Few images remain of Burnley before the age of the camera
Whilst Burnley has a magnificent collection of photographic images of the town, and the district around it, the same can't be said of pre-photographic images: drawings, paintings etc.
I remember, some time ago, being present at the opening of an exhibition of pre-photographic images of Preston, and thinking “wouldn’t it be great if Burnley had the same”.
Apart from a few studies of Towneley Hall and its park, some of the other local big houses and, perhaps, the odd image of St Peter’s church, very few pre-photographic images of Burnley’s past have survived.
It is true that a number of images which are not photographic can be found in local collections but, perhaps the best known – the view of Burnley from Springhill and that of Burnley Centre from the Swan Hotel, both of which I have published in these pages – date from the early 1850s, after photography, though in its early days, had been invented.
Today, I am going to introduce you to two non-photographic images of Burnley. They were both published as postcards at the turn of the 19th Century, though I can’t give a precise date for them and neither can I tell you who the artist, surely the same for both, might have been. The two images are taken from the Ken Bolton Collection, which is owned by the Briercliffe Society, and before Ken had them it appears that they were in the hands of a Mr Brown, but I am not sure who he was.
The first of these images is of Munn’s Corner, St James’s Street in Burnley. Most of the buildings in the image have gone, but if you look, carefully, in the top right corner, you will find that Virgil Anderton’s three-storey shops, which were built in 1876, and which are still standing, can be seen adjacent to the old Boot Hotel. The shops in this row once included, at number 4, C. F. Hargreaves, the Golden Padlock, a hardware shop; at number 12, Lupton’s bookshop and, at number 14, Stockdale’s famous toy shop.
The second image is of Cill House though the maker of the image describes it as “Old Market Cross, Top o’th Town, Burnley”. Cill House lasted well into the photographic era. It was demolished in 1880 when Burnley’s first tram line was constructed. There were, in other words, plenty of opportunities to take images of this site but it is interesting that, when the artist came to give a title to his work, he referred not to the building but to the market cross.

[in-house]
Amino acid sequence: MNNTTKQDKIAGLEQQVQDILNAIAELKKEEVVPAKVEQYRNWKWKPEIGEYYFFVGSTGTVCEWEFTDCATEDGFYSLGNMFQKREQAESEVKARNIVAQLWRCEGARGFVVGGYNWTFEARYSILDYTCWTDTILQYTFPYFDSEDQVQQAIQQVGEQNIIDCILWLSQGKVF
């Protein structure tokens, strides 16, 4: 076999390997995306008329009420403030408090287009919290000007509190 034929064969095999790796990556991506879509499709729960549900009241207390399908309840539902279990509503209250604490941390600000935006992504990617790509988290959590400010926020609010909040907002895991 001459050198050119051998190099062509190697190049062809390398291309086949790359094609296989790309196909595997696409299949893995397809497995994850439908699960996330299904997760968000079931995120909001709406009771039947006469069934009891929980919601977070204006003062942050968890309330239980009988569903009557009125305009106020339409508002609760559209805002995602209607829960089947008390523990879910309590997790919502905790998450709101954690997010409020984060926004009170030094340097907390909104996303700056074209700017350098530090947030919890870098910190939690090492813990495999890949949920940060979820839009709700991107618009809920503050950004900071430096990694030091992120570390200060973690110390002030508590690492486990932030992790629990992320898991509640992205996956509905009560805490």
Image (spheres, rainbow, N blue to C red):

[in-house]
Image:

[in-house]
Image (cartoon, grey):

Of course, this site was on Church Street, opposite St Peter’s and, again, if you look carefully, there is a familiar building in the image, though it is not as clear as Anderton’s shops, to the right of Munn’s Corner, in the first image. To the left of Cill House, in the distance, the black three-storey building is still in situ. The property, originally houses, though some have been used as shops, was built in 1837, the year when Queen Victoria came to the throne.
Incidentally, the base of the cross, which can be seen right in the image, is that of the 17th Century version, not of the original 13th Century cross. This latter had become divorced from its site and purpose, and, for a number of years, was located in Bank Hall Meadow, off Ormerod Road, a few hundred yards to the right of the image. That it survived is something of a miracle but the fact that it was detached from its original site could account for the erroneous story about it being a Paulinus Cross. When this was confirmed, I remember being rather sorry in that I had been placed in Paulinus House, when a pupil at St Mary’s RC school in Burnley. Inter-house rivalry was pretty strong in those days!
With the postcard view of Munn’s Corner, I have chosen to publish one of the very best photographic views of Old Burnley. It is full of character showing the town centre, as it was, after 1880 – the single tram line confirms this – but before this part of town was rebuilt at the very beginning of the 20th Century.
Robert Munn was a chemist and druggist, and as was the case of a number of the older shops in town, combined his main business with something else. In this case it was as the Registrar of Births, Deaths and Marriages and Mr Munn was in a good position to be involved with the Census.